So there's a young soldier in the American Civil War who was born a Pawnee Native American, but brought up by parents of European blood. When the spirits start leaving him cryptic clues, and when he shoots an absolute monster in the back of the head, he begins to learn the truth about the place and the war, and his powers against the evils therein. For a lot of the soldiers are actually demonic, half-zombie, half-Cthulhu nasties pretending to be human, and once he triggers full realisation he ca So there's a young soldier in the American Civil War who was born a Pawnee Native American, but brought up by parents of European blood. When the spirits start leaving him cryptic clues, and when he shoots an absolute monster in the back of the head, he begins to learn the truth about the place and the war, and his powers against the evils therein. For a lot of the soldiers are actually demonic, half-zombie, half-Cthulhu nasties pretending to be human, and once he triggers full realisation he can go and slice them all up – if he makes sure his own side don't get to kill him first... This is quite a good read, and I'm not sure if my rating it in less-than exuberant manner is down to my not finding such Civil War dramas interesting at all, or not. Either way, it's not too bad – the story is a tidily self-contained arc, the design is fine, with the majority of action scenes being done really well. It does follow the standard genre trope where a character is awakened to their destiny, duffs up some baddies, the end, though. I think with a touch more clarity initially as to which side was which and where all allegiances lie, I might have stretched to four stars here, for it's a perfectly competent entertainment. As it is, three and a half stars will have to remain the top encouragement I can give to those with an interest in checking it out. Nobody is at all dissuaded from doing so.

  4. 4 out of 5

    Alex Sarll

    Pawnee child Two Moons lost his family to smallpox; raised by a white schoolmaster, he's now Union soldier Virgil Morris. But his heritage doesn't want to let him go so easily, and now he's getting messages from the dead, visions of spirits and monsters which soon put him in terrible danger. Arcudi is an underrated writer; on the art side, Giangiordano and Crabtree give good irruption of horror, though their more everyday scenes, while perfectly serviceable, don't have the same distinctiveness. Pawnee child Two Moons lost his family to smallpox; raised by a white schoolmaster, he's now Union soldier Virgil Morris. But his heritage doesn't want to let him go so easily, and now he's getting messages from the dead, visions of spirits and monsters which soon put him in terrible danger. Arcudi is an underrated writer; on the art side, Giangiordano and Crabtree give good irruption of horror, though their more everyday scenes, while perfectly serviceable, don't have the same distinctiveness. But for the most part I felt frustrated by this comic, which set up a question that interested me – what was it like to be a Native American soldier in America's Civil War? – and then mostly ignored it in favour of a story about an assimilated character getting dragged back into the myth-world of his people, and demons in human form feeding on the horror of war, all of which I feel like I've seen plenty of times before. (Edelweiss ARC)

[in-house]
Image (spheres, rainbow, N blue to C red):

5. 5 out of 5

    Greg Trosclair

    Beautiful horror story set post Civil War in the west. Story follows former soldier Virgil Morris who is part Indian. He is followed by monsters from his Indian tribes lore. John Arcudi writes a great story. It was as good a horror tale that I have read in quite awhile. I loved Valerio Giangiordano's art work it was really quite lovely amidst the horror. Beautiful horror story set post Civil War in the west. Story follows former soldier Virgil Morris who is part Indian. He is followed by monsters from his Indian tribes lore. John Arcudi writes a great story. It was as good a horror tale that I have read in quite awhile. I loved Valerio Giangiordano's art work it was really quite lovely amidst the horror.

  6. 4 out of 5

    Nicole

    I am a sucker for westerns and I have an eager interest in Civil War era storytelling in comics. Two Moons exceeded my expectations! Please read my full review over @ Diamond Bookshelf (link forthcoming).

  7. 4 out of 5

    Yagiz Erkan

    I really liked Two Moons. The blend of horror and civil war worked very well for me. I couldn't put it down once I started to read it. I also quite liked the illustration style and quality. It matches well the spirit of the story. I really liked Two Moons. The blend of horror and civil war worked very well for me. I couldn't put it down once I started to read it. I also quite liked the illustration style and quality. It matches well the spirit of the story.

  8. 4 out of 5

    Travis Chesser

  9. 5 out of 5

    Chris Houston

  10. 4 out of 5

    Dillon

  11. 5 out of 5

    Alexander

  12. 5 out of 5

    Joey Hines

  13. 5 out of 5

    Anthony

  14. 5 out of 5

    Nebojsa

  15. 4 out of 5

    Rob Moore

  16. 5 out of 5

    Brock

  17. 5 out of 5

    Brandon Martin

  18. 4 out of 5

    Paul Porry

  19. 4 out of 5

    Pturingan

  20. 5 out of 5

    Andrew Villwock

  21. 5 out of 5

    Rob Schamberger

  22. 4 out of 5

    Johannes

  23. 5 out of 5

    Nowenen

  24. 4 out of 5

    Ernie Pelletier

  25. 4 out of 5

    Rishabh Upadhyaya

  26. 5 out of 5

    Mithun Gangopadhyay

  27. 5 out of 5

    Artemy

  28. 4 out of 5

    Kris

  29. 5 out of 5

    Andrew

  30. 4 out of 5

    Dave Sammath